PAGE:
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76. Division, in Algebra, is the process of finding how many times one quantity, called the divisor, is contained in another quantity, called the dividend; the result of division is called the quotient.
It follows, therefore, that the quotient must be a quantity which multiplied by the divisor, will produce the dividend. Thus, reversing the process of multiplication, we have,
abc-a=bc, because be Xa=abc 77. It was shown in the multiplication of mononnials, (66), that the coefficient of the product is found by multiplying together the coefficients of the factors; and that the exponent of any letter in the product is found by adding together the exponents of this letter in the factors. Hence, in division,
1.-The coefficient of the quotient must be found by dividing the coefficient of the dividend by that of the divisor; and
2.--The exponent of any letter in the quotient must be found by subtracting the exponent of this letter in the divisor from its exponent in the dividend. Thus,
24a':-6a345-3=4a' It was shown in multiplication, (66), that when two factors have like signs, their product is positive; and that when two factors have unlike signs, their product is negative. In division, therefore, when the dividend is positive, the quotient must have the same sign as the divisor; and when the dividend is negative, the quotient must have the sign unlike that of the divisor. And there will fou with results as follows: 1.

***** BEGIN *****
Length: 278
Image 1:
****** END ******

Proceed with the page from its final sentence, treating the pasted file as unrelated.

Hence, 3.-If the dividend and divisor have like signs, the quotient will be positive ; but if the dividend and divisor have unlike signs, the quotient will be negative
78. When the divisor is a monomial.
I. Divide the coefficient of the dividend by the coefficient of the divisor, for a new coefficient.
II. To this result annex the letters of the dividend, with the exponent of each diminished by the exponent of the same letter in the divisor, suppressing all letters whose exponents become zero.
III. If the signs of terms are alike, prefix the plus sign to the quotient; if they are unlike, prefix the minus sign.
To divide a polynomial by a monomial ;
Divide each term of the dividend separately, and connect the quotients by their proper signs.
NOTE.— It may happen that the dividend will not exactly contain the divisor ; in this case the division may be indicated, by writing the dividend above a horizontal line, and the divisor below, in the form of a fraction. The result thus obtained may be simplified, by suppressing all the factors common to the two terms; thus,
4x2yz2 22 4x2 yz2 + 6x2y2z=
6.2y2 By But as this process is essentially a case of reduction of fractions, we shall omit such examples till the subject of fractions is reached.
11. Divide 34xMy" by —17xy.
Ans. –2.171. 14. Divide (a—c)" by (a—c)".
Ans (a—c). 13. Divide 35(x+y) by 5(x+y).
Ans. 7(x+y). 14. Divide 12m'dc-co) by 3md (c-xo)'. 15. Divide 3bcd+12bcx—96'c by 3bc. Ans. d +4.0-3. 16. Divide 15a'bc-15acx' +5adoc by —5ac. 17. Divide 10x8—15x?—25.c by 5x. Ans. 2x?_3x-5. 18. Divide 150–45.c* +10x9_105x' by 5.c'. 19. Divide a"c-am-+--*-*c+- by ac.
-am-c+----+-*c. 20. Divide 3m*(a—)—3m(a—0) by 3(a−b).
Ans, am’ --bm-m. 21. Divide 7a(3m-2a)–(3m—2a) by (3m—2a).
79. When the divisor is a polynomial.